(Bloomberg) -- Mounting signs the UK economy has lurched into a recession are casting doubt on how far the Bank of England will be able to keep raising interest rates, adding pressure on the pound and fueling a rally in government bonds.

Sterling weakened as much as 0.6% versus the dollar on Tuesday, leading losses among the Group-of-10, as British companies signaled output dropped in January at the fastest pace since the start of the pandemic. Gilts jumped, led by shorter-dated maturities.

The latest round of weak economic data adds to lingering concern that the UK won’t avoid a sharp slump, putting at risk the BOE’s plan to keep tightening its policy to curb inflation. Traders trimmed wagers for future rate rises on Tuesday, betting on around one percentage point more of increases by August, from 105 basis points at Monday’s close. The next central bank meeting is on Feb. 2, when policy makers are widely expected to raise rates by half-a-point.

“Strikes, staff shortages, a weak external sector, the rising cost of living and tighter monetary conditions are having a toll on economic activity,” said Roberto Cobo Garcia, head of G-10 foreign-exchange strategy at BBVA in Madrid. “We remain bearish and expect some additional weakness and EUR/GBP to break above 0.90 in the coming weeks as macro data confirm a challenging scenario.”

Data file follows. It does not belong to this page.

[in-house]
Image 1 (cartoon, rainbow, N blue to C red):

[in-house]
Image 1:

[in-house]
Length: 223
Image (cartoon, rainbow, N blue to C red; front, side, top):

The spread between two-year UK gilts and their German counterparts shrank to around 80 basis points, its narrowest since the start of the year, suggesting growing expectations that the BOE may slow its interest-rate raising campaign in the coming months, while the European Central Bank continues to tighten aggressively.

“This reinforce our view that GBP rates will tighten relative to EUR rates,” said Antoine Bouvet, senior rates strategist at ING Bank. “BOE hike pricing is still elevated whilst pricing of ECB hikes is still understating the amount of tightening the ECB has to do.”

Demand for UK bonds was also in evidence in a syndication for a 30-year gilt with an orderbook of over £65 billion, according to bankers working on the deal.

“The past 24 hours have presented GBP traders with two reminders that the UK economy isn’t out of the woods just yet,” said Simon Harvey, head of foreign-exchange analysis at Monex Europe Ltd. 

--With assistance from Greg Ritchie and Libby Cherry.

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